1. Establish a procedure and communicate it clearly
Ensure that a procedure for online interviews has been established and clearly communicated among the members of your recruitment team, as well as to candidates. This could include a shared staff document detailing important changes for moving interviews online, for example, or a note in job advertisements indicating that interviews for a position will be held digitally. Interview best practices, like muting phone and computer notifications, and remembering non-verbal cues (eye contact via the camera, facial expression, etc.) may also be relevant. Documenting and communicating the process in this way will help to minimise confusion and disruption for both interviewers and interviewees.
2. Send candidates step-by-step instructions
Send candidates step-by-step instructions for the online interview process plenty of time in advance. With the extensive number of video conferencing platforms available, some may be unfamiliar with your platform of choice. Include an indication of any software which they may need to download, as well as any username and password requirements. This is also a good opportunity to outline your team’s expectations for candidates’ interviews. Will interviewers request a work sample, for example, or ask candidates to undertake a written test? What time will the interview start and end, and who will it be hosted by?
Consider requesting that candidates join their interviews a few minutes early to ensure that everything is working properly. As a precautionary measure, you could also provide a back-up phone number which candidates can reach you on, and suggest that they do the same.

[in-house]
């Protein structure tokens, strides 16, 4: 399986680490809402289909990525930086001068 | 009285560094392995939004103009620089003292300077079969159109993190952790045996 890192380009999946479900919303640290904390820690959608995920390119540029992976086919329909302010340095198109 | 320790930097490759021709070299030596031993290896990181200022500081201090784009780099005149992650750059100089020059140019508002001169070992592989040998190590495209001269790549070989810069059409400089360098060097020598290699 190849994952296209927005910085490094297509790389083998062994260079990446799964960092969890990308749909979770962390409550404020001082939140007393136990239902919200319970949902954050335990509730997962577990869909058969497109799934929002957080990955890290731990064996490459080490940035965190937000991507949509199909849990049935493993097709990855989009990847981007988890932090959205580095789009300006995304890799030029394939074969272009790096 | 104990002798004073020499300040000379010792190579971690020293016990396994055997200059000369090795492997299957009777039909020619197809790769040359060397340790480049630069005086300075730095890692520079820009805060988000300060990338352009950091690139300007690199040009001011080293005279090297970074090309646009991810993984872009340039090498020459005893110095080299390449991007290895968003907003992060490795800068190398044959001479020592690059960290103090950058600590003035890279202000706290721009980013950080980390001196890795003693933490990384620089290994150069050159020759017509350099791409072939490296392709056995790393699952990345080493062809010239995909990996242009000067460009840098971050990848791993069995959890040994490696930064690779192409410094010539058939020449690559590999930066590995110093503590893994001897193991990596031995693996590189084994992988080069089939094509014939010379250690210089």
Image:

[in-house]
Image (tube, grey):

Encourage interviewers to host a practice interview with a colleague before their meetings with candidates. Connectivity issues can reflect poorly on your company, so interviewers should ensure they are familiar with the technology involved in advance, allowing time for any issues to be troubleshooted and resolved. This includes checking that their computer’s microphone, webcam, audio and internet connection are working correctly.
4. Follow up
After hosting an online interview, follow up by sending a note to the candidate thanking them for their time. You may also wish to ask for feedback on the interview process: what worked well, and what could be better? This will allow you to improve the experience for future candidates.
If relevant, inform candidates of any next steps, including when they can expect to hear if they have been successful, and whether any additional interviews, assessments, or background checks may be required.
We hope these tips help you to organise a successful online job interview!
For more advice on coping with the impact of the pandemic on the world of work, see our top seven tips to reduce your back-to-office anxiety.
Find EURES Advisers
Living and working conditions in EURES countries
EURES Jobs Database
EURES services for employers
EURES Events Calendar
Upcoming Online Events
EURES on Facebook
EURES on Twitter
EURES on LinkedIn
- Publication date
- 15 July 2021
- European Labour Authority | Directorate-General for Employment, Social Affairs and Inclusion
- Business / EntrepreneurshipLabour market news / mobility newsRecruiting trends
- Accomodation and food service activitiesActivities of extraterritorial organisations and bodiesActivities of households as employers, undifferentiated goods- and servicesAdministrative and support service activitiesAgriculture, forestry and fishingArts, entertainment and recreationConstructionEducationElectricity, gas, steam and air conditioning supplyFinancial and insurance activitiesHuman health and social work activitiesInformation and communicationManufacturingMining and quarryingOther service activitiesProfessional, scientific and technical activitiesPublic administration and defence; compulsory social securityReal estate activitiesTransportation and storageWater supply, sewerage, waste management and remediation activitiesWholesale and retail trade; repair of motor vehicles and motorcycles